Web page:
Thursday, September 24, 2009

Active Meditation

Just to update you, we are re-formatting our Contemplative Time. We are going to move away from the Contemplative Group format and move towards a more individualistic time for everyone to come and sit, listen to music in candlelight, and reflect on your spiritual path. Moving towards a more individualistic time of meditation does mean we are moving away from one of our goals to foster active meditation. Rather, we are hoping to make this time of silence more accessible for all of us to relax, refresh, and renew our spirits. We hope it will be a time of peace for us in a hectic world.

I believe Richard Rohr discusses active meditation better than I can, so I will quote him at length. Please focus on his words and incorporate them into your own spiritual life as you see fit. At the Selah Center, we are always attempting to practice an intentional spiritual walk that includes service to our community. I hope this helps in your journey:

"I believe that there are two necessary paths enabling us to move toward wisdom: a radical journey inward and a radical journey outward. For far too long we've confined people to a sort of security zone, a safe midpoint. We've called them neither to a radical path inward, in other words, to contemplation, nor to a radical journey outward, that is, to commitment on the social issues of our time...

There is no perfect theology, there are no perfect explanations, there is no perfect road leading to psychic health. We are forced to live in a world that contains both life and death. The Reign of God is already here, but it's not yet whole. Faith means standing in this position and holding on to paradox at the same time. If we take the contemplative path, then we see the shadow side and the inconsistency of our own souls. If we take the path outward, then we encounter the place where the victims are. If we try to get to the truth by arguing, we will find good arguments on both sides. At some point we must risk the dangerous decision for faith, which means always standing on the side of the weak, always on the side of the poor, always on the side of the victims."
Richard Rohr - Simplicity: The Freedom of Letting Go

Wherever you are on your spiritual path, you are welcome in this space. We hope you will join us when you can....

Monday, September 14, 2009

Contemplative Group

This week, we re-visited the importance of discipline for spiritual formation. We noted that the weekly practice of our group is important to the overall growth of the individual's spiritual growth. The intentional practice of setting aside a time each week devoted to spiritual growth and renewal is something many of us have lost in our busy lives, but it is vitally important for a fresh encounter with our own spiritual experience "the more" of life.

For further contemplation: "Superficiality is the curse of our age. The doctrine of instant gratification is a primary spiritual problem. The desperate need today is not for a greater number of intelligent people, or gifted people, but for deep people...The classical Disciplines of the spiritual life call us to move beyond surface living into the depths. They invite us to explore the inner caverns of the spiritual realm. They urge us to be the answer to a hollow world."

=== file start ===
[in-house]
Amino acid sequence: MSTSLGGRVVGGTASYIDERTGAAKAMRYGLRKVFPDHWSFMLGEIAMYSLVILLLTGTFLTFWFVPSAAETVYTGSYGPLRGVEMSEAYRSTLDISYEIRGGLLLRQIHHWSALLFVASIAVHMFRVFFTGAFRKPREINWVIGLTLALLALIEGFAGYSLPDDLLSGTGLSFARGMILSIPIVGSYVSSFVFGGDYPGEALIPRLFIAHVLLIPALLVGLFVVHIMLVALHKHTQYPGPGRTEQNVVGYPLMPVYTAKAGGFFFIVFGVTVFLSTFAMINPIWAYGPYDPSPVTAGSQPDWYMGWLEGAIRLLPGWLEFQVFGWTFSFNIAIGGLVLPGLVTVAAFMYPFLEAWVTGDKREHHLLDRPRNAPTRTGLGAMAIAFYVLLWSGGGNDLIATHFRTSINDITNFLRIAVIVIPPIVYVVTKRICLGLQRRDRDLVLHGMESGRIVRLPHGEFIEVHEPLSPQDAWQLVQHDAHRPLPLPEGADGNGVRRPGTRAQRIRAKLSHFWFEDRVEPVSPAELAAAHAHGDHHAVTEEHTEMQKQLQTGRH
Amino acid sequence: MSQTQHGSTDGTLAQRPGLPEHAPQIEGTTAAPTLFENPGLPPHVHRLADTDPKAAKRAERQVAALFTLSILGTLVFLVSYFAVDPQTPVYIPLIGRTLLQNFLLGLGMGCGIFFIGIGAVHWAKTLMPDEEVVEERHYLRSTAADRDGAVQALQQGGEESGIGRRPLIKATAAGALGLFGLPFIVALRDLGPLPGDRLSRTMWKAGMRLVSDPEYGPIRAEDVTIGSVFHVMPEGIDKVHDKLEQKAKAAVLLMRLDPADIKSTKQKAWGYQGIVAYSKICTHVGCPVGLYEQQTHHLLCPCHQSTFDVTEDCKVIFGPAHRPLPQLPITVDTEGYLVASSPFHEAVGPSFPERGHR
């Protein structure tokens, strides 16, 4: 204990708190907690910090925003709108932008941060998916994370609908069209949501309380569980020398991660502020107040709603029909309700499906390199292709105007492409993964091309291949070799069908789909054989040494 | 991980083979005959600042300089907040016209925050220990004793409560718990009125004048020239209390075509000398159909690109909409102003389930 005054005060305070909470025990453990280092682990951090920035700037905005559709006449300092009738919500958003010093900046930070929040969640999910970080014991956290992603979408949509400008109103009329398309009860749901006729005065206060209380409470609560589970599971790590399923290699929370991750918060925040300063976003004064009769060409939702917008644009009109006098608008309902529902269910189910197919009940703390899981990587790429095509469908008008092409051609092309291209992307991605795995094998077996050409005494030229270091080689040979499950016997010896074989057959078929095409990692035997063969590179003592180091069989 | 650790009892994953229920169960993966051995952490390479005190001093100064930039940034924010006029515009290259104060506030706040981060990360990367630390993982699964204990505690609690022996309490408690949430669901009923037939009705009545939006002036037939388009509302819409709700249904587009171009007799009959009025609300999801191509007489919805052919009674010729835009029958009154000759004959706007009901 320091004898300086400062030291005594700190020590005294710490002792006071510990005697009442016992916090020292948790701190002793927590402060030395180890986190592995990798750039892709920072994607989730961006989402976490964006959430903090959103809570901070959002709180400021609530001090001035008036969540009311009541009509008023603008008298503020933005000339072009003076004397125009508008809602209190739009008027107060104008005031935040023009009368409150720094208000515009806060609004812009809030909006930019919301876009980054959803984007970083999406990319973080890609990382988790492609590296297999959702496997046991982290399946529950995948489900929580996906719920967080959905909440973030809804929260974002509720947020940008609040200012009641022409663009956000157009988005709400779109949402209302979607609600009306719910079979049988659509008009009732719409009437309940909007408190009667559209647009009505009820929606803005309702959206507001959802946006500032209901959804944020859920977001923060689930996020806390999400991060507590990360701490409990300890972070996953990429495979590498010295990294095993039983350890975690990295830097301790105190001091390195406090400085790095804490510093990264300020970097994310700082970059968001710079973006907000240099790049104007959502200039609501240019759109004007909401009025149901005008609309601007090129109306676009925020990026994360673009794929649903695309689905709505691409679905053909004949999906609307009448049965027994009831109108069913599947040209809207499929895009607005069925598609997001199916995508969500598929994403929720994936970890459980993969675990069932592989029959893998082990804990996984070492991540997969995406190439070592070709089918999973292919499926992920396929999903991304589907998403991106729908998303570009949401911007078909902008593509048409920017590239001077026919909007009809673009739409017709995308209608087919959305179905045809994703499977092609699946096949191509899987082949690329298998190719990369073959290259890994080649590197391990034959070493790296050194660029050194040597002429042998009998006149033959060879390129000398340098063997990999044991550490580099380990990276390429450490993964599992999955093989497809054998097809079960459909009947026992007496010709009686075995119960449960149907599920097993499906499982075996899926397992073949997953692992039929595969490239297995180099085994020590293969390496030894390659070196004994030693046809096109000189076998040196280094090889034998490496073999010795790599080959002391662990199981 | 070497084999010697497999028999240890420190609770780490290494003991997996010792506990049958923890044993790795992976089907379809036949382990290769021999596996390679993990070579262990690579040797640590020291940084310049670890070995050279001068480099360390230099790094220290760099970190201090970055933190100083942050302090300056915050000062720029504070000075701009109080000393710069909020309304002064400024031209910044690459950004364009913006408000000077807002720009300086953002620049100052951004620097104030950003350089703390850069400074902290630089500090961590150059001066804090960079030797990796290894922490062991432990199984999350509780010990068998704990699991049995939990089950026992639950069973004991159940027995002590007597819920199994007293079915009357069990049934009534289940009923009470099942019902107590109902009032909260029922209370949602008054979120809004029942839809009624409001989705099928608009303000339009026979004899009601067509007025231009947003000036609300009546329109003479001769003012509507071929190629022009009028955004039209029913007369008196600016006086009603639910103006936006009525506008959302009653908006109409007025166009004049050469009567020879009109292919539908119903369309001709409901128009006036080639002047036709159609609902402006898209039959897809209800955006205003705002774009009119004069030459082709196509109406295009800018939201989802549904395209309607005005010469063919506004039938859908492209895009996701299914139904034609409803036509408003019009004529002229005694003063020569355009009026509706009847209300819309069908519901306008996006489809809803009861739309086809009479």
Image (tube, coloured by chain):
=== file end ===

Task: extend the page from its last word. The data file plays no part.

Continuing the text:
Richard J. Foster - Celebration of Discipline: The Path to Spiritual Growth

Monday, August 3, 2009

Contemplative Group

This week, we met in the Theatre Underground again and engaged in music contemplation. A lot of good insights were discovered and shared.

We began by re-visiting the order/chaos dichotomy we discussed last week, and we elaborated on the worldviews these different perspectives create and construct. We connected these worldviews to the musical pieces some preferred over others. This led into a discussion of how we approach the world and understand ourselves within it.

Then, we attempted to synthesize this with our own spiritual journeys, and we discovered how closely our preferences for certain sounds is related to our theological constructions. We analogously discussed music with conceptions of "God" and other theological concepts, and we realized that our yearnings for order or chaos or familiar songs transposed onto our theological underpinnings. For example, we noted that we preferred familiar songs to unfamiliar songs initially. In like manner, we have certain theological preferences that are familiar, and we tend to dismiss unfamiliar theological viewpoints just as we dismiss unfamiliar songs because they are uncomfortable. We decided that a simplistic approach to our musical repertoires is similar to a simplistic approach to theological diversity, and we determined that when we are not open to unfamiliar theologies, we are also not open to Others' songs and musical preferences.

In addition, we realized this related intimately to our discoveries in previous contemplative sessions where we explored our tendency to attempt to control various situations by placing unreasonable expectations onto them. Releasing control, viewing expectations as restrictive, and preferring dynamic change over static order are all things we still struggle with, but we are intentionally aware that these exist. Just as we cannot always control our sound environments, we also cannot always feel comfort by placing unrealistic expectations onto situations that give us the illusion of control. Simply pushing the music to the background, just as we often attempt to push "life" to the background, did not really solve any problems. Rather, it left us with the illusion of safety and a feeling of restlessness because of a lack of risk and disengagement with our lives.

Our "playlist" for this week included:

Massive Attack - Angel
Imogen Heap - Sweet Religion
Eluveitie - Glamonios
zero dB - On the One & Three
Josh Ritter - Girl in the War
Glory of Byzance - O Vierge Sainte, rejouis-toi
Iron & Wine - On Your Wings
Radiohead - Karma Police